It’s a long time since I wrote a knit and natter post- I stopped sometime last year when we were house hunting and knitting took a back seat, I’m still not knitting that much. In fact I’m not doing much of my usual stuff on account of Covid- 19, usual life has just stopped.
But there are things to be said, and things I can share which may resound with you, or not, a place where we can be honest and say yes we are frightened and we don’t like what’s happening, and we don’t understand why, but we will be good citizens and try to stay home, try to stay active and well, and we miss our family and friends, and we are scared for them, and everything is a displacement activity.
So I am creating Friday Jottings, where we can cheer each other on, chat to each other, maybe have a giggle or a moan.
Why Jottings- unashamedly pinching the word jottings from the book I am reading at the moment -Summer Lease by John Mortimer- one of the characters has a weekly column in a paper which he calls his Jottings.
Something nice about the word, jottings- implies things written on the back of an envelope or scrap of paper. I write a lot of lists on random bits of paper- things to do, things to find, phone calls to make. I love a good list, for the sheer pleasure of crossing things of- it makes me feel I doing something.
So after eight days of effort with solicitors, estate agents, emails, phone calls, internet research, and would you believe a phone call FROM my MP in response to my cry for help, we managed to get a months delay agreed on our house purchase. It is a relief to know that we are not squatting in this house, but I am very sad because I was expecting that today we would be moving into our new house, that this weekend I would be welcoming family to our home, meeting the new neighbours, exploring local countryside. Instead of which I am regretting packing some things- my paints, poetry books and parts of the stitchbook project which I have already completed.
I am trying very hard to be positive about what I do have- so far we are both well, we have a roof over our heads, a garden to walk in, and although I had virtually emptied the freezer we have food, and my family is OK.
Everyone has their own story. I realised that last week when I did my first queued shop at Lidl. There were three chaps behind me , it wasn’t long before two of them realised they knew each other by sight. The chap behind me told them he was still working as a delivery driver, he was tired and worried as he had no protection. He was shopping as he was the one going out of the house and he preferred his wife and children stayed safely at home. Then being blokes their talk turned to football, and how sorry they felt for Liverpool who are just two wins away from winning the league, and how would some of the clubs survive financially. The lady in front of me had been having a long phone call to her Mum, working out what shopping she needed. Then we swapped our stories- she has two daughters, one sent home from Uni- clearly a well organised Uni- she was getting online tuition and work to complete. Her other girl should have been doing A Levels, hoping to go onto Uni in the Autumn- now no exams, and her holiday job in a local cafe gone too, money needed for her future.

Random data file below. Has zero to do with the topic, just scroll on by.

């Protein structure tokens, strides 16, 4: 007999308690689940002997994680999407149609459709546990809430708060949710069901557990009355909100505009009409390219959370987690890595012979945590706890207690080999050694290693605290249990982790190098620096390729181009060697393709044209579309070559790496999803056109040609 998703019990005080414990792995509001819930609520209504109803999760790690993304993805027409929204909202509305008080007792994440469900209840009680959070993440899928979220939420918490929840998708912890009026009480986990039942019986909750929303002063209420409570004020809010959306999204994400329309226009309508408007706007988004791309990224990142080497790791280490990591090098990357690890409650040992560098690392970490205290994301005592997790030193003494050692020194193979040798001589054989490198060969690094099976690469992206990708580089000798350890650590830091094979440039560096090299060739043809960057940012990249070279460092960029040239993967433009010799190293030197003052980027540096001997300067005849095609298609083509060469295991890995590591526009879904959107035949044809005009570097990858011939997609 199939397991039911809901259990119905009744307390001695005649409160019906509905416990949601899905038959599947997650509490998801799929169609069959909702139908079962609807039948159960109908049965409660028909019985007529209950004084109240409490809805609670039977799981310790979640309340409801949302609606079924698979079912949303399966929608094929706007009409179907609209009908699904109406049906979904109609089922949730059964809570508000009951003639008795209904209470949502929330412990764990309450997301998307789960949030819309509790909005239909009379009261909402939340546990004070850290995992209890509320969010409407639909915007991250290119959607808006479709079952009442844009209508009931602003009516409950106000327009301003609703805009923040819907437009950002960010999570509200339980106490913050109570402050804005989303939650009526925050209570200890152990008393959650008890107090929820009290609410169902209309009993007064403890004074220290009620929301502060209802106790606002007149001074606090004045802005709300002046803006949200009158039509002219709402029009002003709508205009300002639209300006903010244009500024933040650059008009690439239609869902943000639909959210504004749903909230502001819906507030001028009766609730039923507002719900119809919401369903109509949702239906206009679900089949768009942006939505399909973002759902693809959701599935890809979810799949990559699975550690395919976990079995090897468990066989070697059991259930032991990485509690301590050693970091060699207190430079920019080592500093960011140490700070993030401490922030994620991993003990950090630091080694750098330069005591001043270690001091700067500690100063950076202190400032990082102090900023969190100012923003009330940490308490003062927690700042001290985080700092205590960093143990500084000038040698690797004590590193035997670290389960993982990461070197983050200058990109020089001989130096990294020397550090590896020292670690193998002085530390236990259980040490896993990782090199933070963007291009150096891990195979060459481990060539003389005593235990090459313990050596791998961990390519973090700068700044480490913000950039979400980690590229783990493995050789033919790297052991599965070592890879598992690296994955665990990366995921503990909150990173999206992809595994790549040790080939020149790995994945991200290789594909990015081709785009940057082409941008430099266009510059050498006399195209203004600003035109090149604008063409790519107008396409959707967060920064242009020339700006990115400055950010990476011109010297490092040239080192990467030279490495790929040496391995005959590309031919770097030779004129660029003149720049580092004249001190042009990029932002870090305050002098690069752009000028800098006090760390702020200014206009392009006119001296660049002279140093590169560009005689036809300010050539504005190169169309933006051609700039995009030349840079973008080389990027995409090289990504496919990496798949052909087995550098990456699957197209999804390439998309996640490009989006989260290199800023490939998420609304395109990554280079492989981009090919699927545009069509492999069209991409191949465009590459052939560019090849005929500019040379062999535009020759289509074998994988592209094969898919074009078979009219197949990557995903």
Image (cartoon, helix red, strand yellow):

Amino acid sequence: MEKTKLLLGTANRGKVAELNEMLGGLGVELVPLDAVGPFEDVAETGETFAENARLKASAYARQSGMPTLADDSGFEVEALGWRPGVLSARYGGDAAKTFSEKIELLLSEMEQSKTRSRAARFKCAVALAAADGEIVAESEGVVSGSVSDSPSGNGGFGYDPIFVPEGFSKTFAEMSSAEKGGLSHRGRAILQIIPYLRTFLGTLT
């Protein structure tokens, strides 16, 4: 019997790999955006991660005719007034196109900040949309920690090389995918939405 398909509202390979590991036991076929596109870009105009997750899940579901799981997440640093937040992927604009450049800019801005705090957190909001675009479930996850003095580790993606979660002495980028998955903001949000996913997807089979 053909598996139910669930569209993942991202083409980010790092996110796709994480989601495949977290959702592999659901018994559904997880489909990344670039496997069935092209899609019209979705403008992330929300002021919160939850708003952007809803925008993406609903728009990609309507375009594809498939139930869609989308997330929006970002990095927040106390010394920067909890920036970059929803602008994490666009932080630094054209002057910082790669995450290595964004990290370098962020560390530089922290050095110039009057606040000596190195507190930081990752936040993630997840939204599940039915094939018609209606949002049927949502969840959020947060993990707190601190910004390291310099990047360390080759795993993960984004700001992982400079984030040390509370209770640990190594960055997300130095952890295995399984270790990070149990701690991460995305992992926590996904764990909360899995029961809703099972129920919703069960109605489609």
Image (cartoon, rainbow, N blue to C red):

I wonder what is your story, how are you managing with a stalled life?
I notice that the on-line social media jokes about toilet paper have gone in favour of feel good pet videos, happy memories and upbeat positive memories which have started to grate on me, even though I know that’s just mean of me.
Any way we can get through these times is good. The mood of people reminds me of the enthusiasm with which young people volunteered as soldiers in WW1 and 2, 750,000 people who have volunteered as communty helpers, the rainbows/teddies being displayed in windows to cheer us all on, and of course lack of proper equipment and black marketering- make no mistake some people will make their fortunes from these times. And heros will appear from unlikely places.
I “met” down the aisle of the supermarket one of our elderly library regulars, we stood the two metres away to stay safe ( described on the radio farming today programme as being the length of a cow) . She is missing her friend Sylvia who has gone to stay with her daughter- they always came to the library together for a natter after doing their market day shopping- no more market, no more library and no more friendly chats. She can’t even see her family……
At the moment cookery is my salvation- I try sewing, and my heart isn’t in it, but looking in the fridge, finding half a pack of mushrooms and turning them into soup which was delicious beyond belief did give satisfaction. I wonder what activity is helping you this week?
I’m told lots of shops now want you to do contactless card payments- we don’t have these cards. I tried phoning the bank- one hour on the phone listening to musac before giving up didn’t help. Next attempt might be to drive 12 miles to the bank to see if I can do it in person…..
As Joni Mitchell sang “You don’t know what you have till it’s gone”. How true.
Last night I joined in the 8pm clapping for everyone who is going out to work still to show my appreciation. Tonight I read people are asked to go outside to shine a torch skywards to remember all those who caught Covid-19 and lost their lives. The really sad thing for families who loose someone now for whatever cause is that they can’t come together to grieve and remember their loved ones and hold a proper funeral. Sad times.
Let’s see if I can find a nice picture to cheer us all on to end this post.
There you go, taken April 2018, flower display in Whitby.
Now just like back in the days of Knit and Natter posts, I hand this post over to you, please feel free to jump into the comments, chat to each other, leave links….
Stay safe, stay well,